Introduction

Langerhans cell histiocytosis (LCH) is a hemopoietic disorder that can affect single or multiple sites simultaneously. It is a disorder that affects mostly children. The clinical course is variable and can range from isolated disease that resolves spontaneously to systemic disease that is rapidly progressive and lethal.

LCH was originally known as histiocytosis X. There were traditionally three categories: Letterer-Siwe syndrome, Hand-Schuller-Christian disease, and eosinophilic granuloma. Letterer-Siwe syndrome refers to a constellation of symptoms characterized by splenomegaly, hepatomegaly, lymphadenopathy, and bone lesions. Hand-Schuller-Christian disease included diabetes insipidus and exophthalmos in addition to the bone lesions. Eosinophilic granuloma typically involves a single bony lesion. Current terminology of LCH includes chronic unifocal LCH, multifocal LCH, and acute disseminated LCH. It is now known that all three disorders are part of a clinical spectrum of the same underlying disease (1).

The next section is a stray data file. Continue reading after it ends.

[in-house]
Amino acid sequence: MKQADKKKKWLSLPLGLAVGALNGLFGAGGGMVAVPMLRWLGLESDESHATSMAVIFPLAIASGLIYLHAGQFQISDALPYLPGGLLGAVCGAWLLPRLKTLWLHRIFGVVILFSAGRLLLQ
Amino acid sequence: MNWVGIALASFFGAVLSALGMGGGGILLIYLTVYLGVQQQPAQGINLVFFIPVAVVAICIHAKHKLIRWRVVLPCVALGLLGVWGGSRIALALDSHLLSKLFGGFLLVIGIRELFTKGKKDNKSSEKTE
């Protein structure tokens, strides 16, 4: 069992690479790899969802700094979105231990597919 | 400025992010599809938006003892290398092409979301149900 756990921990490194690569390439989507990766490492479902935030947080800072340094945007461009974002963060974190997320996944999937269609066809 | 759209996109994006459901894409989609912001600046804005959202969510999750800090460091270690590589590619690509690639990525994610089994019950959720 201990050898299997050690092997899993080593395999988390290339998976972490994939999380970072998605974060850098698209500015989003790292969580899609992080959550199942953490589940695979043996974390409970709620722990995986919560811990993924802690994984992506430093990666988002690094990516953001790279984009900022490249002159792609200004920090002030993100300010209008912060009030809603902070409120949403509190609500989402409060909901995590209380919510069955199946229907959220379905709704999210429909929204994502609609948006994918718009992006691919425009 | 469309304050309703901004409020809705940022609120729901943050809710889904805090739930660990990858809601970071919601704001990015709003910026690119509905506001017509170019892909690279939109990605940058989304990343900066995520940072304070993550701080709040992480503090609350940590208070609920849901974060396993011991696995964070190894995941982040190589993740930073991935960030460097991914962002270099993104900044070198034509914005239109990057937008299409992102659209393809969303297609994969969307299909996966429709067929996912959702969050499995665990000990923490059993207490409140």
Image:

Diabetes 2

Diabetes 2

Diabetes is a disease that affects the way your body uses food. Normally, your body converts sugars, starches and other foods into a form of sugar called glucose. Your body uses glucose for fuel. The cells receive the glucose through the bloodstream. They then use insulin a hormone made by the pancreas to absorb the glucose, convert it into energy, and either use it or store it for later use. Learn more...

Get My Free Ebook


Post a comment